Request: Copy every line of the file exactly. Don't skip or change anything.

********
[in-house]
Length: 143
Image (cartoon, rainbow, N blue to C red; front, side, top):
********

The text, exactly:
[in-house]
Length: 143
Image (cartoon, rainbow, N blue to C red; front, side, top):